Our specialists treat patients with complex central nervous system disorders that affect vision.
Our neuro-ophthalmology specialists have been doubly-trained in both ophthalmology and neurology. They are well-equipped to treat patients with the full range of neuro-ophthalmic conditions, such as:
- Optic neuritis
- Ischemic optic neuropathy
- Brain tumors involving the optic nerves or chiasm
- Strokes that cause visual loss or double vision
- Transient monocular blindness
- Migraine with visual symptoms
- Myasthenia gravis
- Multiple sclerosis
- Mitochondrial disease
- Diplopia and strabismus
- Giant cell arteritis
- Idiopathic intracranial hypertension (also known as pseudotumor cerebri)
- Cranial nerve and myopathic problems that affect eye movements
They also specialize in evaluating patients who have unexplained visual loss. They work closely with neurologists and neurosurgeons at Massachusetts General Hospital (MGH) and throughout the Partners System and provide consultation service to MGH inpatients on a daily basis.
A Unique Service With Big Impact
With only a handful of neuro-ophthalmology services in New England and fewer than 200 full-time neuro-ophthalmologists nationwide, Mass. Eye and Ear's Neuro-Ophthalmology Service is home to the region's largest and most comprehensive service.
The service began in the 1940s under the guidance of Dr. David G. Cogan, one of the most seminal contributors to the fields of neuro-ophthalmology and ophthalmic pathology. In this same spirit of excellence, our patients today receive the highest level of expertise and care available anywhere in the world.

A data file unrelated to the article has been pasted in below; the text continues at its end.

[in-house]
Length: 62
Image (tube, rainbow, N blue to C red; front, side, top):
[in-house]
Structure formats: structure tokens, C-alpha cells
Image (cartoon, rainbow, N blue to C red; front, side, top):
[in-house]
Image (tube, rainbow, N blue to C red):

Joseph F. Rizzo III, MD, has directed the service since 2006. Under Dr. Rizzo's leadership, the service has doubled its clinical volume to just under 6,000 patients each year. An accompanying and steep rise in annual surgical case volume—from 4 cases to 84 cases—is a measure of the experience and expertise of Harvard Medical School Associate Professor, Dean Cestari, MD, who specializes in medical and surgical treatment of patients with adult strabismus.
Our neuro-ophthalmologists also conduct clinical research to understand more about the causes of blindness and to explore new treatments. Our primary research focus has been on blinding diseases that affect the retina or optic nerve. We have participated in clinical studies to assess the potential benefit of new drugs, gene therapies, and a retinal prosthesis as means of reducing the impact of blindness or restoring vision.
Before making an appointment to see one of our specialists, you will need a referral from your primary doctor, ophthalmologist, optometrist, or neurologist.
Meet Our Team
Our specialists have expertise in both ophthalmology and neurology.